This article first appeared on the RBC Inspired Investor content hub on September 9, 2020.
Facing unknowns is something investors know well. With the new, not-quite-the-norm, school year underway, here’s a cheat sheet of tips for back-to-schoolers borrowed from the investing classroom.
1. Knowledge is power
Education, of course, is all about learning — it just usually centres on things like science, math, languages and the arts. This school year, much of the learning so far is focused on the logistics of how education will work amid the pandemic-related restrictions. What will classrooms look like? How will everyone remain safe?
While there may be no concrete answers, arming yourself with as much information as possible can help you prepare for what lies ahead. For many self-directed investors, continual learning is ingrained — whether it’s researching new investing concepts, new strategies or gathering as much information as possible to make the best decisions for you. In both situations, finding sources you trust is key.
Check out A Fact Checker’s Guide to Misinformation for tips on how to find what you need.
2. It’s going to be emotional
Uncertainty often leads to emotional reactions, ones like anticipation, fear, surprise, anger or joy come to mind. With all the unknowns surrounding this year’s school environment, it’s no surprise those emotions are quick to surface when the back-to-school topic arises. You’d be hard pressed to find an investor who hasn’t been on the same emotional roller coaster thanks to the ups and downs of the market. Keeping the big picture in mind, understanding that emotions will be at play, and arming yourself with as much information as possible (see #1) can help keep emotions in check.
Read David Chilton’s take on emotions in How the Wealthy Barber Manages Emotions.
3. There’s no one-size-fits-all
As far as back to school is concerned, especially this year, what works for one family or teacher may be totally different from what works for others. The same goes for schools, or even entire school boards. A big part of figuring out what’s right for individuals comes down to risk assessment, which may help determine, for example, the choice between online learning, in-class learning or a hybrid model — or, in the case of investors, which investments are right for you. Understanding that there’s no one-size-fits-all model can help when making decisions of any kind. Most important is doing what’s right for you.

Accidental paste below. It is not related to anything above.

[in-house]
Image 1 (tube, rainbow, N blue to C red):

4. Embrace technology
On top of the new supplies added to the traditional back-to-school list — think masks and hand sanitizer — technology is set to play an increased role for many in the education system. Whether it’s helping facilitate remote learning, keeping teachers in touch with parents (hello Zoom parent-teacher interviews!) or limiting the back-and-forth of physical homework sheets or workbooks, expect some type of technology to be involved. It may be a different way of doing things, but as many do-it-yourself investors will attest, technology can make things so much easier. Having resources at your fingertips can save time, bring peace of mind and ultimately help make decisions that are best for you.
This article is intended as general information only and is not to be relied upon as constituting legal, financial or other professional advice. A professional advisor should be consulted regarding your specific situation. Information presented is believed to be factual and up-to-date but we do not guarantee its accuracy and it should not be regarded as a complete analysis of the subjects discussed. All expressions of opinion reflect the judgment of the authors as of the date of publication and are subject to change. No endorsement of any third parties or their advice, opinions, information, products or services is expressly given or implied by Royal Bank of Canada or any of its affiliates.